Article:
16. The plastic nozzle of claim 15 wherein the frontal piece is telescoping.

17. The plastic nozzle of claim 16 wherein the second end further comprises a first chamber and a second chamber, the first chamber and the second chamber form a right angle with each other.

18. The plastic nozzle of claim 17 wherein the bristles are composed of nylon.

19. The plastic nozzle of claim 18 wherein the bristles are composed of polypropylene nylon.

20. The plastic nozzle of claim 19 wherein the sleeve is composed of aluminum.

Description:

FIELD OF THE INVENTION

The present invention relates to the construction industry, and more particularly relates to accessories related with concrete, masonry, and similar materials.

BACKGROUND OF THE INVENTION

One of the principal materials used in any construction project is concrete. Concrete is cost effective, moldable to virtually any shape desirable, scaleable, and simple to use and implement. Moreover, its intrinsic compressive strength is virtually unmatched.

However, whereas concrete can be compressed with great force, its tensile strength is only negligible by comparison. For this reason concrete must be compositely strengthened with steel reinforcing bars (or “rebar”) to resist tensile forces. The use of rebar acts as an internal skeleton by which the concrete can congeal around and bond with. Anchor bolts are generally used to affix vertical walls with concrete slabs or foundations, or to affix horizontal framing to vertical concrete or masonry walls; whereas rebar is generally used to connect concrete slabs, walls or foundations with other concrete elements.

The importance of anchor bolts may be most readily illustrated in an earthquake. In the event of an earthquake the vertical walls of a structure resisting the forces are swayed horizontally in-plane. This movement, in turn, creates great tension between the interface of the ends of the walls with the concrete. Without the anchor bolts the wall would quickly detach from the concrete slab and may potentially result in the collapse of the structure.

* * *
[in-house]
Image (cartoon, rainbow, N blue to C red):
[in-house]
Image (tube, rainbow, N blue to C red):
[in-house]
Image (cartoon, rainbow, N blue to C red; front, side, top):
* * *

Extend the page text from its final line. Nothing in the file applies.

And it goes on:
In order to securely affix an anchor bolt (or “rod”) between a dry (existing) concrete slab and a wall, a hole is drilled into the concrete slab. This hole is sized to fit with the anchor rod. After the concrete slab is drilled, all of the residue must be removed from the hole in order to enable an epoxy (or “adhesive”) material to adhere with both the concrete and the anchor rod. Once the residue is removed an adhesive is injected into the hole to glue the anchor in place permanently.

When there is residue within the hole when the anchor rod is placed into the hole, the bond-strength between the epoxy and the anchor rod/concrete is weakened. The residue limits the ability of the epoxy to bond the anchor rod with the concrete.

Performance tests have shown that the anchorage load levels between properly drilled and cleaned holes and holes with concrete residue can decrease as much as 37%. Similar studies using analogous materials without adhesives report similar findings.

These test results reveal profound implications. First, the general strength between interconnected concrete slabs, foundations or walls may be weakened by up to 37% if the hole is not thoroughly cleaned. If these concrete elements were to detach from each other, then their failure could result in unsafe conditions. Or, in an alternative scenario, the general anchorage strength of an anchor bolt and a wall of a structure may become more likely to separate from each other if the holes are not thoroughly cleaned. This can lead to the roof and/or floors collapsing under the weight of the structure.

Unfortunately, the process of thoroughly cleaning a hole is cumbersome and time consuming. According to the ACI and manufacturers of epoxy adhesives, in order to thoroughly clean a hole, one must blow the hole with compressed air, wash it with water and a bristle brush, and then blow the hole until it is dry. Depending upon the size of the hole and the type of surface of the hole (the ACI recommends a rough surface as opposed to smooth surface) this can be very labor intensive.